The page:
The United States on Monday warned the Democratic People's Republic of Korea (DPRK) not to undertake another nuclear test or missile launch.
"Any future nuclear test or missile launch would be in direct violation of UN Security Council resolutions, and would lead to further pressure and isolation," State Department spokesman Patrick Ventrell said at a regular news briefing.
"So, we would strongly discourage against that course of action," he added, refusing to say what actions might be taken by Washington in the event of a fresh nuke test or missile launch by the DPRK.
Earlier in the day, South Korea's Unification Minister Ryoo Kihl-jae told lawmakers that there were signs that the DPRK was preparing for its fourth nuke test. Later, the country's Defense Ministry denied such a saying.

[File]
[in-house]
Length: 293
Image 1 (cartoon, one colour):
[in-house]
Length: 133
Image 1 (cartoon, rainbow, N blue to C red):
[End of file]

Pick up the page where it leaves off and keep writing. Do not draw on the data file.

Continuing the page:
Tensions have been running high on that peninsula since the DPRK conducted its third nuclear test on Feb. 12 in protest against joint military drills conducted by Seoul and Washington.
The DPRK has even declared "a state of war" with the South and threatened to launch a preemptive nuclear strike for self-defense, naming military bases in the U.S. territory of Guam and the U.S. state of Hawaii as possible targets.